Ataxia in turkeys. This can be the result of an encephalopathy, demonstrated by histopathology. No other gross lesions are seen.


Infection of the oviduct in laying hens will present as a caseous salpingitis.


Tenosynovitis and arthritis may be seen in chickens looking similar to that caused by M.synoviae.


Diagnosis can be confirmed by culture of the mycoplasma, PCR or blood samples from live birds (RSA, HI and ELISA tests)

Differential diagnoses

Most likely: Mycoplasma gallisepticum, Avian Pneumovirus, Pasteurella multocida, Ornithobacterium rhinotracheale, Pseudomonas aeruginosa, Mycoplasma synoviae Mycoplasma synoviae and Mycoplasma meleagridis combined. Possibly: Avibacterium gallinarum, Reimerella anatipestifer, Bordetella avium, Chlamydophila psittaci, Moraxella osloensis, Vitamin A deficiency, Avian Influenza


Mycoplasma infections are often part of a multi-factorial complex. Infection can be controlled but not eliminated by a variety of antibiotics – Aivlosin, Baytril, Linco-spectin, Pulmotil, Tetracyclines and Tylan. Vaccinating for other respiratory infections e.g. IB and ART, may activate subclinical mycoplasma infections.


Mg and Ms had been eradicated from primary breeding stock when I joined in the poultry industry in the late 1970’s. This was achieved by a combination of treatment and monitoring. This included:


  • – Heat treating hatching eggs – internal temperatures of 46oC for 11 to 14 hours
  • – Antimicrobials:
  • – By injection
  • – By pressure dipping
  • – By temperature dipping
  • – Combined with strict monitoring of hatched progeny in small groups and culling all positives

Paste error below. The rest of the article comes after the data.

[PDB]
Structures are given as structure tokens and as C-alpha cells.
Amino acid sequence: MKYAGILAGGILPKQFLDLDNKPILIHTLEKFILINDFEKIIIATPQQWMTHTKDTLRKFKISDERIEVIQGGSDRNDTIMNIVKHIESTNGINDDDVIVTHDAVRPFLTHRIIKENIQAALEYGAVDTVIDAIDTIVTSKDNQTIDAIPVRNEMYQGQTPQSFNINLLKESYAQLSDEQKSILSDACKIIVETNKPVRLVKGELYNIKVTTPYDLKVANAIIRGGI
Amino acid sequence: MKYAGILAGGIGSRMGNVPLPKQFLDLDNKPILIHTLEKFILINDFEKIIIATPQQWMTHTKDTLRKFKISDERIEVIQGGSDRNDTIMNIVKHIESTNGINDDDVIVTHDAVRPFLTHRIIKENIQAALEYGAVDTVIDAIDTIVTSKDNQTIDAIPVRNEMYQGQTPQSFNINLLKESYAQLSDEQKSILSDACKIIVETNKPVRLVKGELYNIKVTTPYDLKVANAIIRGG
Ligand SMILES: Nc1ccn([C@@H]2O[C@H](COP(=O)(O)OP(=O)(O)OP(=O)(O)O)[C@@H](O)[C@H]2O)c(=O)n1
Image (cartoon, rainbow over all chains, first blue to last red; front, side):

Mg has been eradicated from commercial poultry and good hygiene precautions, which includes not visiting other farms for 48 to 72 hours previously, are employed to prevent the introduction of infection along with regular blood testing and slaughter of infected flocks. Mg can now be controlled by live vaccine or by importing under an SIC a dead vaccine. Antibiotic treatment of multi-age flocks has limited success with infection reappearing shortly after medication stops. However, in single age flocks it can stop the development of clinical disease.

Mycoplasma gallisepticum is the 22nd commonest diagnosis made by my local AHVLA labs. Details of species affected, clinical signs and post mortem lesions observed can be found by clicking here.

About David Parsons 19 Articles
David Parsons began his veterinary career in mixed practice which triggered his 39-year passion for poultry. Following positions as a veterinary research officer in the Poultry Department at the government’s Central Veterinary Laboratory and then as a poultry company veterinarian, he set up his own poultry veterinary practice in the southwest of England in 1985. He obtained his MSc in Applied Immunology in 1981, Certificate in Poultry Medicine and Production in 1989 and a Nuffield Farming Scholarship Trust to study the“Status of diseases specific to poultry and their control in Europe” in 1991.

He has been an Honorary External Lecturer at the University of Bristol Veterinary School on poultry medicine and production since 1999,a lecturer on the Institute of Animal Health’s poultry disease course since 2000 and is a regular monthly contributor of veterinary articles for backyard poultry keepers in the Practical Poultry magazine.